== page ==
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Colorado ATJC Releases Special Report on Legal Aid Funding in the West


A newly released report from the Commission reveals Colorado ranks 10th among 14 western states in state funding for legal aid.

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Feb. 15, 2024 (DENVER) — The Colorado Access to Justice Commission today released a report that shows Colorado is falling behind its western neighbors in civil legal aid funding per capita. 

Out of the 14 states examined, Colorado ranked 10th in its per capita funding for legal aid. In Nevada, per capita state funding for legal aid is over four times that of Colorado. Wyoming’s per capita funding is more than three times higher, and New Mexico’s per capita funding is nearly three times higher than Colorado’s. 

“This report paints a sobering picture, showing Colorado lags far behind most western states on legal aid funding,” said Elisa (Emo) Overall, Colorado Access to Justice Commission executive director. “What we know is that no state has all the funding it needs, and Colorado is even farther behind than most. That means low-income folks in our state facing eviction, high medical debt, and challenging immigration proceedings often go unrepresented in civil court due to a lack of resources.”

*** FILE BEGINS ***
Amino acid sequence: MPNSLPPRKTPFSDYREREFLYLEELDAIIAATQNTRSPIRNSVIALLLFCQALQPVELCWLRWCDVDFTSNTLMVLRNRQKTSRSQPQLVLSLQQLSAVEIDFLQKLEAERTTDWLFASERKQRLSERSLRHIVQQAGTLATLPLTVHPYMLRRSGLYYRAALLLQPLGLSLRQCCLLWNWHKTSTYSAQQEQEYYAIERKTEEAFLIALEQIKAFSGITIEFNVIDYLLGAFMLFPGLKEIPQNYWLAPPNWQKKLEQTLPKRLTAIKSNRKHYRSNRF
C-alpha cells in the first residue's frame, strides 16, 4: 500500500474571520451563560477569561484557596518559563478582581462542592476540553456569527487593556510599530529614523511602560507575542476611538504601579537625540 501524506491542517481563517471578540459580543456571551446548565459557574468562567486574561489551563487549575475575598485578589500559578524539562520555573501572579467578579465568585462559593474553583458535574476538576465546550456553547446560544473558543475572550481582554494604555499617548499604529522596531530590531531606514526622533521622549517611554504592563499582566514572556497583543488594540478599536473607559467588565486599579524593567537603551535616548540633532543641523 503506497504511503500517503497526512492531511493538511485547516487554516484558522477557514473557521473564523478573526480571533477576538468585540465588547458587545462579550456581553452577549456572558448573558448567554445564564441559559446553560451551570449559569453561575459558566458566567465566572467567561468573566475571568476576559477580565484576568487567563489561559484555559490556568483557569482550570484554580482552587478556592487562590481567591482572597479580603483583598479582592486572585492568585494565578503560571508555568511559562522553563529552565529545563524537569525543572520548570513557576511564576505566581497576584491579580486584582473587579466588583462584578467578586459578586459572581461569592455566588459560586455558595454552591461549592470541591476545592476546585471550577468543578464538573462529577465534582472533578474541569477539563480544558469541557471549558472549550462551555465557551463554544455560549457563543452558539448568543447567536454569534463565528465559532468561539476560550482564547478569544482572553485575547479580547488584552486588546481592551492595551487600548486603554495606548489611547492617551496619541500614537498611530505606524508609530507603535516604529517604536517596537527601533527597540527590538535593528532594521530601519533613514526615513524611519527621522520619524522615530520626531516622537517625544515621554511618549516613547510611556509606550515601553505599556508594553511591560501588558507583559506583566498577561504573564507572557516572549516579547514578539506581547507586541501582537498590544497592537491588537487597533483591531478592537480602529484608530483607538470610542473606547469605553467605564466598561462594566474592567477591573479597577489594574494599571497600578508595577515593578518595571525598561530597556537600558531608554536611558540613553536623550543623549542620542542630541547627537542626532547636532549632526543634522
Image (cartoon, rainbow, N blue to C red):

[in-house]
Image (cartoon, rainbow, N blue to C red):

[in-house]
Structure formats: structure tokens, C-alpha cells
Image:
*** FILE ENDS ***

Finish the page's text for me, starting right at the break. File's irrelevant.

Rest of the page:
The report is based on an analysis of state budget information and appropriations reports, along with information provided by state bar associations, access to justice commission staff, legal services organizations, law librarians, and state budget staff. 

According to the report, general appropriations and court filing fees are two main funding streams for many states. Colorado has $0.73 in state funding for legal aid per capita, a $230 dissolution of marriage filing fee, and a $5 docket fee in domestic cases for legal aid. Nevada, which has the second highest legal aid funding per capita after California, has $4.62 in state funding for legal aid per capita, a $285 average dissolution of marriage filing fee, and a $25 legal aid fee on civil filings. 

This legislative session, the general assembly will be asked to consider establishing an Equal Justice Fund, which would confront the Colorado justice gap by creating a stable fund to support civil legal aid organizations representing Coloradans on issues like domestic violence, elder rights, and homelessness around Colorado. These legal organizations help Coloradans meet their most basic needs, and the funds would be generated from a small increase to civil filing fees.  The Commission supports that bill. 

The Colorado Access to Justice Commission was codified by state law as a commission of the state in 2023, with the mission of expanding access, quality, and fairness in the justice system for all Coloradans. It works to develop and support a range of tools that address barriers people face when experiencing common legal issues such as divorce, eviction or foreclosure, public benefits, and immigration.  


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